Date of Award

Spring 2006

Document Type

Thesis - Restricted

Degree Name

Master of Science (MS)



First Advisor

Lobner, Doug

Second Advisor

Bradley, Thomas G.

Third Advisor

Lobb, William K.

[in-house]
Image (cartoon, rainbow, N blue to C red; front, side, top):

Advances in stem cell research, have made the prospect of regenerating tissue a clinical reality, with one potential application being in the field of dentistry. Recently stem cells have been discovered in pulpal tissue. Exploiting the ability of these stem cells to differentiate into odontoblasts, could potentially heal pulpally involved teeth. Cariously involved teeth have diminished amounts of normal dentin that may lead to exposure of the pulp to the oral environment, which left untreated will result in either extraction or endodontic therapy. Odontoblasts secrete dentin, which can bridge the exposure of the pulp to the oral environment providing a possible alternative treatment to aforementioned treatment modalities. Before odontoblastic treatments can be fully implemented, further studies need to be conducted to understand the potential toxicity of dental materials to these cells and the growth factors necessary for stem cells to differentiate into odontoblasts. The aim of this project was to study the in vitro effects of two classes of dental restorative materials, amalgam and composites, on glial cells, pure neuronal cultures, mouse embryonic stem cells, and dental pulp stem cells. Some amalgams contain zinc, which has been shown to mediate the toxicity of amalgam to fetal murine neuronal cells. The current study will determine whether amalgam containing zinc is more toxic to the dental pulp stem cells than zinc-free amalgam. The toxicity of fully set composite to the dental pulp stem cells is unknown. Based on the results of these experiments, the least toxic amalgam and composite will be further studied on dental stem cells treated with growth factors. We will test the effects of Insulin-Like growth factor (IGF), epidermal growth factor (EGF) and basic fibroblastic growth factor (bFGF) on dental pulp stem cells. The dental pulp stem cells were obtained from extracted unerupted third molars. The extracted teeth were debrided and the crown was surgically removed using a sterile diamond burr. The exposed pulp was carefully removed from the pulp chamber. The pulpal tissue was digested to harvest the cells which were plated to allow the dental cells to proliferate. These cells were treated with the two dental restorative materials for a 24- hour period followed by MIT cytotoxicity assays were performed. Further, the dental pulp cells were treated with IGF, bFGF or EGF followed by treatment with amalgam or composite for a 24-hour period followed by MTT cytotoxicity assay was performed...



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